The Muses' Gathering discussion

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Literature

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message 1: by Sidhe (new)

Sidhe Prankster (sidheprankster) | 6 comments Mod
This thread is for posting written works for peer review or for artist illustration. Feel free to post a paragraph or a portion of a chapter, or review the work of others and give them advice, encouragement, critiques and ideas. If you are an artist you may illustrate passages found here or take inspiration from them unless the creator asks otherwise. Please share your work!


message 2: by Sidhe (last edited Feb 24, 2011 10:13AM) (new)

Sidhe Prankster (sidheprankster) | 6 comments Mod
This is a character study of sorts from Shadow, the rough draft of which I finished about a year ago. I know at least one friend was interested in doing some art for it, and I hope to also get some feedback on what I feel is one of the rougher portions of the narrative. In this exert, the main Character, a child named Siofra, finds herself in the company of two of the Tuatha de Danann- Nodens Nuada and his son, Fionn Dubhglas. Please note that this is a ROUGH DRAFT. The writing, grammar and punctuation may be lackluster, but that will be addressed later. I am mainly hoping to learn whether the character descriptions are clear and vivid enough.

Across from me were two men so alike in appearance that I knew at once they must be kindred. They were both tall, built to the same sleekly muscular frame, and graced with the same delicately masculine features. Both had exceeding long and well kept hair, marking them as nobility, and both wore garments of finely woven linen. Beyond these things, however, the similarities were few.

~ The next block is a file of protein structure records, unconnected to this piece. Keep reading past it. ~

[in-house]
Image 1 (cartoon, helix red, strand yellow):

The man who had spoken to me, sitting on the edge of my mat, was moonlight pale with hair that gleamed like true gold- or rather like gold woven into silk. His rich tresses were bound in a complicated series of braids, as was typical of the warrior class. The léine he wore was fine- dyed a vibrant, deep blue, and edged with green and sliver knotwork and green fringe. The truis, under his léine were patterned in dark blue and black, and were perfectly clean. Around his neck was a silver torc, made in the likeness of twin hounds and around his narrow waist was a belt of silver engraved with interwoven vines. The green brat thrown over his right shoulder was pinned by a bronze and emerald broach, and was lined with fur that looked enticingly soft. His almond shaped eyes were flawless sapphires, and when I looked closely I could see tiny bright specks scattered around the edge of his pupils- as if some naughty sprite had sprinkled gold dust there. There was a lingering smile in those eyes, as if summer’s warmth dwelled forever in twin oceans, ready to drive away the cold cruelties of the world.